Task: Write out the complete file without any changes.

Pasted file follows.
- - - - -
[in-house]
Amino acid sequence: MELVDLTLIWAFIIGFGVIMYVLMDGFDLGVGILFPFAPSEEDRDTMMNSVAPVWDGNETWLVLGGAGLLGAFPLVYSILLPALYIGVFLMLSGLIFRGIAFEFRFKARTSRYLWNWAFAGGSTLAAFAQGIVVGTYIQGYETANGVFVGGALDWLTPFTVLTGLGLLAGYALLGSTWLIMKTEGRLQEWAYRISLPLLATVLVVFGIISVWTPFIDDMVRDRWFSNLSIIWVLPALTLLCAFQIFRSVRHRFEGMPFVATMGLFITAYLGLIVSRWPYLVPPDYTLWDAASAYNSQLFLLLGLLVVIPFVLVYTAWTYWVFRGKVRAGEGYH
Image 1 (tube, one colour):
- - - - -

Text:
[in-house]
Amino acid sequence: MELVDLTLIWAFIIGFGVIMYVLMDGFDLGVGILFPFAPSEEDRDTMMNSVAPVWDGNETWLVLGGAGLLGAFPLVYSILLPALYIGVFLMLSGLIFRGIAFEFRFKARTSRYLWNWAFAGGSTLAAFAQGIVVGTYIQGYETANGVFVGGALDWLTPFTVLTGLGLLAGYALLGSTWLIMKTEGRLQEWAYRISLPLLATVLVVFGIISVWTPFIDDMVRDRWFSNLSIIWVLPALTLLCAFQIFRSVRHRFEGMPFVATMGLFITAYLGLIVSRWPYLVPPDYTLWDAASAYNSQLFLLLGLLVVIPFVLVYTAWTYWVFRGKVRAGEGYH
Image 1 (tube, one colour):